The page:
The title of a new cybersecurity report – State governments at risk: Time to move forward (PDF) – shows how its sponsors view the state of cybersecurity today. The 2014 Deloitte-NASCIO Cybersecurity study makes at least two clear conclusions: cybersecurity is the primary concern of many state CIOs and state Chief Information Security Officers, and also that the concerns of CIOs and CISOs are well-founded. The report paints a cybersecurity landscape evolving in complexity and breadth on a daily basis.
The 31-page report released Oct. 1 reveals a maturing CISO role and an acknowledgement of security risks, but also common institutional challenges such as a confidence gap between CISOs and the average state official, and an insufficient security budget. Given these challenges and trends, the report outlines a call to action, noting the need for organizations to thoroughly govern their cybersecurity postures.
The report also showed a gap between the confidence of state officials (60 percent) and CISOs (24 percent) in an organization’s ability to protect against external attacks. More than 47 percent of organizations showed a year over year budget increase, but still 75.5 percent of organizations cited budget constraints as a challenge. The lack of sufficient talent was cited as the No. 3 challenge of 59 percent of CISOs, with 90 percent of respondents citing salary as the top barrier to proper staffing.
The top five security initiatives cited by the report include risk assessment (53.1 percent), training and awareness (49 percent), data protection (42.9 percent), continuous security events monitoring and security operations centers (40.8 percent, new for this year’s report), and incident response (30.6 percent, also new for the year’s report).
Amid many graphics, statistics and descriptions of today’s cybersecurity challenges, the report also attempts to provide strategies for an organization to move forward.
The idea that the CISO’s role may have become too diverse in scope could be alleviated by separating the role into three broad areas: governance, risk and compliance; privacy; and security technology and operations. Diving the roles and responsibilities would allow the CISO to continue managing the strategic and risk management and regulatory and compliance functions central to the role, while also exploring improved communication with elected officials as a means to navigate the increasingly complex regulatory environment.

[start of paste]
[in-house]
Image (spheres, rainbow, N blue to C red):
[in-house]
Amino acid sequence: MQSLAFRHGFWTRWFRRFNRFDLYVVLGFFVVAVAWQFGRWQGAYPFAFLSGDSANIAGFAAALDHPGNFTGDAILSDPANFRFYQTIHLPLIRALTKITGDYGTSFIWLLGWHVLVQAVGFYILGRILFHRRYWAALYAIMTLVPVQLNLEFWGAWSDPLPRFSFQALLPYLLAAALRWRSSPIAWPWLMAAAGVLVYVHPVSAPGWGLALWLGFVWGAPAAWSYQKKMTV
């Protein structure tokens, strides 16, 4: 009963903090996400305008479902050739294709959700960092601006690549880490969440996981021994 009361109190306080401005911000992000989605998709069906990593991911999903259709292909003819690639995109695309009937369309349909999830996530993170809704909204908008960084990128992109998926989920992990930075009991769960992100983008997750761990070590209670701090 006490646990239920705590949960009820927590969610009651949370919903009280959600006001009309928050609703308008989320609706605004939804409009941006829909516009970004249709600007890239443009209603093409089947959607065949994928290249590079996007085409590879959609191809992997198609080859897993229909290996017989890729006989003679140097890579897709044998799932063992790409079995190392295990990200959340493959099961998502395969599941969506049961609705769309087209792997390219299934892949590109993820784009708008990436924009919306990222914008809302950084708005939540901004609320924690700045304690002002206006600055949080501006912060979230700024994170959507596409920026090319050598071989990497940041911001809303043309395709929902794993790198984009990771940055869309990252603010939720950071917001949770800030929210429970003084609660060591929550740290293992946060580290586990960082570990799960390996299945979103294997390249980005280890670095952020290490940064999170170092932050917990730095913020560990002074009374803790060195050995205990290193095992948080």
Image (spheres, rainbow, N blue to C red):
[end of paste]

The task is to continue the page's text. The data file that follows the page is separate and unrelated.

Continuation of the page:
Despite budget challenges, the report also concludes that the budget landscape is improving. In 2012, more than 75 percent of respondents said their budgets were decreasing or staying the same, but in 2014, almost half reported an increase in their cybersecurity budgets. The top five areas covered within cybersecurity budgets are awareness and communication costs (77.6 percent), compliance and risk management (73.5 percent), incident response (69.4 percent), infrastructure protection, devices and products (61.2 percent), and security consultants (53.1 percent).
However, unless deliberate action is taken, budget will continue to be a challenge as cybersecurity threats mount, the report states. Organizations should outline strategic roadmaps aligned with program priorities to get buy-in from decision-makers, because that’s a proven best method for obtaining funding, the report states. Only 55.1 percent of respondents reported having an approved strategy.
“Cybersecurity budgets will most likely never be sufficient to cover every need, so CISOs must understand which program components and which information assets are most important and focus their efforts on these,” the report states.
The cybersecurity landscape for state government is a complex and challenging one, by the report’s accounting, but reading the report will allow officials to at least understand the trends and challenges they face from outside and from within their organizations. The report is available on the NASCIO website (PDF).
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